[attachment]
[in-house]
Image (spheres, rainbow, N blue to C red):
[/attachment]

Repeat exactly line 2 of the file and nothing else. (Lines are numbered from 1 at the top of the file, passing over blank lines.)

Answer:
Image (spheres, rainbow, N blue to C red):